Publication:

NZ Gardener - 2021-10-01

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RHODODENDRONS IN KIMBOLTON

KIMBOLTON

STORY: JANE WRIGGLESWORTH • PHOTOS: PAUL MCCREDIE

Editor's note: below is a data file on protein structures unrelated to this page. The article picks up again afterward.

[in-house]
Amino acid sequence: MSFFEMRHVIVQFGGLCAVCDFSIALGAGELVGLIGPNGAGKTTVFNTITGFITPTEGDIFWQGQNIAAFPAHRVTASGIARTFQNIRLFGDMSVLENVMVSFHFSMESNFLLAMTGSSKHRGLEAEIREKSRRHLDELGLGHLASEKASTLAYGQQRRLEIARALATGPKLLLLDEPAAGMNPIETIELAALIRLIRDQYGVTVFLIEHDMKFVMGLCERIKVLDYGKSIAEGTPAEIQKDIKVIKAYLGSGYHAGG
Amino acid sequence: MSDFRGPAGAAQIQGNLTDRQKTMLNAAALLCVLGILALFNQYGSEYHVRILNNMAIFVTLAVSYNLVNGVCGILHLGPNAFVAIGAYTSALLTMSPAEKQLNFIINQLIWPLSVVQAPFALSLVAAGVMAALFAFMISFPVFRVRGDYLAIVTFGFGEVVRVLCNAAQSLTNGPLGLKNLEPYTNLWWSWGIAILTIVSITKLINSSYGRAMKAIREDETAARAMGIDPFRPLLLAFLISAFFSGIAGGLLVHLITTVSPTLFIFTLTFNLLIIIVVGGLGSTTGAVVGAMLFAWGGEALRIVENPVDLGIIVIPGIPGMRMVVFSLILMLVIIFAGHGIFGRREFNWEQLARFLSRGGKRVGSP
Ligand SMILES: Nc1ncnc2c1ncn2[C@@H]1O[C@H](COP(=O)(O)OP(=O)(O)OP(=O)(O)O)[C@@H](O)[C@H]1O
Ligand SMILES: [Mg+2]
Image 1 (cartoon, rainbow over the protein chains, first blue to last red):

Seasonal colour means different things to gardeners around the country, but if you’re Scott and Ange Wilson of Kimbolton in the Manawatū, it means thousands of blooming rhododendrons and azaleas come spring. From October to November, the plant mecca known as Cross Hills Gardens is a colour wave of bold rhododendron blooms – and a sea of enthusiastic garden pilgrims. Thousands of Kiwis (and overseas tourists in the preCovid world) visit the garden each year to view riotous pinks, luscious corals, vibrant reds, oranges and yellows, and shimmering lemon-limes, among other hues. “The variety of colours in spring is phenomenal,” says Scott Wilson, whose grandparents founded the gardens. “We have bus tours from all round the country, from Invercargill to Kaitāia, and our annual fair – the biggest social event on Kimbolton’s calendar – attracts around 6000 people.” Scott and Ange officially took over ownership of the farm and garden from Scott’s parents in 2020, although his mother and father, Faith and Rodney, continue to help out in the nursery and garden. It was Scott’s grandfather, Eric, who purchased the farmland back in 1938, and, with the help of his wife Merle, set the scene for today’s gardens. Eric and Merle cleared much of the land of bush and scrub with valiant determination and continued to farm sheep and beef. But when a downturn in farming eventuated in the 1950s, the couple went on an overseas trip and visited numerous gardens. One of those was Butchart Gardens in Canada, where a seed of inspiration developed into an idea to plant their own garden back in New Zealand. They started by building a new homestead in 1951, and the grounds surrounding the homestead were planted out in a mix of native and exotic trees and shrubs, including their now-signature plant, rhododendrons. The rhodos flourished due to the ideal growing conditions of the region, and thus began the Wilsons’ ever increasing interest in the genera. The first major planting of the garden now known as Cross Hills began in the late 1960s. Eric and Merle pulled out an old orchard, and planted a large collection of rhododendrons. The garden was then opened to the public in 1970. As far as the precedent for open gardens goes, Cross Hills Gardens was one of the first private gardens in New Zealand to open to the public. Although the farming side of things continued to be tough, Eric and Merle carried on developing the garden in stages while accommodating homestays (they were also one of the first in the area to do homestays). In 1972 another garden was established, and again in 1982, when the Azalea Bowl was created. The “bowl” incorporates a gully of azaleas, inspiration by Butchart Gardens which is planted in a quarry. “They kept shifting the fence,” Scott says with a laugh. “It swallowed the farm, the hay paddock and a hay barn.” Further development took place over the years, including the waterfall and pools in 1990. Scott’s grandfather just saw the finishing of the waterfall and the turning on of the switch when he died in 1992. Eric’s son Rodney took over business. Scott was 16 at the time. Planting continued, and in 2000 the new millennium was celebrated with the planting of the camellia Millennium Maze. More than 30 varieties of camellias and over 1000 plants were used to create the extra sensory experience, which Scott says is a hit with both adults and kids. What every Wilson gardener knows is that diversity is the name of the game. Today, they are milling the macrocarpa trees that Scott’s grandfather planted. The milled timber is used on the farm and sold throughout the country. They are also planting more trees on the farm to offset their carbon output. While Scott and Ange didn’t officially take over the farm and gardens until 2020, they have been involved in the running of the property for some years. Back in his school days, Scott went to a boarding school but helped out around the property when he was home for the holidays. When he finished school, he went to Massey for a year, then “down south” for a tour but following that has “been home ever since”. He remembers when his grandfather dabbled in breeding, naming the plants after his grandchildren and wife, including ‘Merle Wilson’, ‘Rachael’, ‘Danella’, ‘Cross Hills Frills’, ‘Eric’s Triumph’ and ‘Great Scott’ (Scott doesn’t think this was named after him but he claims it anyway). But it takes 10 years to get a saleable plant, says Scott, and they no longer breed their own. “You cross and hybridise the plant and grow the seed the following year. It usually takes two or three years to flower, you see if that flower is worth growing on, you then take cuttings – you might have four cuttings on that one plant. Then you keep growing until you get stock plants. If it’s a bushy plant you might get seven or eight cuttings off it, next year you get triple that, so you are looking at 10 years before you have enough numbers to sell to the public. Tissue culture has changed things a little bit, but it’s still a slow process.” Cross Hills also used to import rhododendron cuttings from all over the world – Germany, Britain, Canada and the US, and the species rhodos from the Himalayas. They no longer do this due to the expense of importing plant material. They have shipped their plants overseas though, most notably to Singapore in 2019. The plants were destined for the magnificent Flower Dome (within the island nation’s Gardens by the Bay, a nature park spanning 101 hectares). Together with another grower in Palmerston North, they shipped three 40-foot containers filled with mostly rhododendrons and azaleas. It was a huge success (the domes are climate-controlled so the plants all bloomed on time) and Singapore officials were keen to repeat the process, but sadly Covid hit and their plans were put on hold. These days, Ange and Scott focus on their piece de resistance – the standard rhododendron. “We are the only people in the country who are doing that,” says Ange, “and they are really popular.” Admittedly, they are also time-consuming to produce, but less so than breeding their own hybrids. “They take a minimum of five years from the time the grafting stock is propagated until the smallest grade of standards are ready for sale, approximately 120cm in height. Once these are planted, they really will become a special feature in your garden,” says Scott. The standards, as well as over 300 other rhododendrons and azalea varieties, are sold in their nursery; which was opened in 1982 by Scott’s parents, Rodney and Faith. (When the garden opened to the public, the interest in rhododendrons skyrocketed, so it was only natural to extend the business to include a nursery.) Ange also has her own project – the Cross Hills Gardens Country Fair, which she started in 2009. She previously worked off the farm as a business analyst (and still does three days a week), but while at home with a newborn baby, boredom set in and she decided she needed a project. She settled on starting a fair. “This year, if we can still run it (if Covid allows), it will be year 13. Usually, we have over 200 stalls, from people from all over the country, set around the edges of the garden, so you find yourself shopping among the flowers. It had been done in the South Island, so I thought why not here?” The fair, always an enormous success and popular, will run on the third Saturday of November (subject to Covid-related lockdown restrictions). The garden works well with the farm. When the rhododendron flowering season is over, the farm work takes over. And like father like son, Scott and Ange’s two sons, 12-year-old Henry and Eddie, nine, the fourth generation at Cross Hills, enjoy farming as well. “They are very keen on the farm,” says Ange. “Eddie… every time I mention doing some homework, he is on his bike and gone,” she laughs. The favourite part of the garden? Both Scott and Ange agree: “The walk down to the pools and waterfall, when our sculpture comes into sight.”